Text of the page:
Limerick lovers everywhere…

Good morning Doug and other limerick lovers. Here are some you may have missed plus a couple of new ones.

This one is a piece of whimsy due to the syllables of the woman’s name fitting in with the first line of a limerick:

Edna St Vincent Millay

went down to the river one day

like Moses she left

her fans were bereft:

for Sprinsteen had swept her away.

en.wikipedia.org/wiki/Edna_St._Vincent_Millay

This one is about my nightmares to do with being famous

Frankly My Dear, I don’t Give a Damn

I farted on live television

I’m the object of national derision

I may not have sinned

But I’m Gone with the Wind

– and that’s a disastrous excision.

(I wanted a last word that was more punchy, indicating either the act of eructation or the idea of letting go or sending forth – but have concluded that such a word does not exist)

Here’s today’s effort:

In my youth I was desperately drawn

to the foxgloves that stand on the lawn

Demoiselle d’Avignon

with my dressing-gown on

In the dew I am almost reborn.

and this one…

Bi-polar explorers of clink

who have taken to tablets and drink

The call of the wild

and the wail of the child

are not so opposed as you’d think.

This is a poem about manic depression but also about how we classify certain things as being “opposite” in our minds which are in fact parts of each other. It’s a plea for harmony.

Thoughts of the Day

“What’s the thought for the day, Liz?” I hear you cry. I should have been a DJ. This is the thought for the day. It’s about the sort of writer I am and am not. I am given to understand that there are writers who decide they’re going to write a novel, plan the novel and spend a certain lenght of time each day writing the novel. They may even have a quota of words. How do they do this??? I can decide as often as I like that I’m going to write a novel. I may even start it, as I have done many times. I may even, in an access of hitherto-unsuspected bloody-mindedness, finish the damned thing. But it is not what I meant to write. That is not it, at all, as TS Eliot said. That is not it, at all.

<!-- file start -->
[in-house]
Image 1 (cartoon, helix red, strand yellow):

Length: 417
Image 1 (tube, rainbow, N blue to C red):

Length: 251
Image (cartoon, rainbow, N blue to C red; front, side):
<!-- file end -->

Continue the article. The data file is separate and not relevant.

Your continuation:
So I am not that kind of writer. All I can do is sit at home and wait, see what visitors come to my door. I can’t make them come, no matter how many desperate messages I may leave on their answerphone. In fact, every time I phone, they are out of town.

So this is a bit hopeless. I’m 51 years old and I don’t know what kind of writer I am. I only know what i am not.

But perhaps this is not negligible. A (Sherlock) Holmesian approach to enlightenment: when you have eliminated all those things which you are not, whatever remains, however improbable, is the Self.

en.wikiquote.org/wiki/Sherlock_Holmes#

Remains of the Day. I enjoyed this but found it somewhat studied. Yes, I know that’s how the character is but I found the writer to be that, as well.

en.wikipedia.org/wiki/The_Remains_of_the_Day

And whence this thought about Remains of the Day? I suppose feeling that I’m getting on in years and had better get a bloody move-on. Just as I felt the biological clock ticking in my 30’s, so now I feel the creative clock ticking. I’m not quite at the remains of the day, more like about 3 pm. Tea time.

Time is an illusion. Tea time doubly so. thanks fo Douglas Adams. Look it up yourselves. I’m still waiting for my supply of lemon-soaked paper napkins, and that is taking up all my processing-power.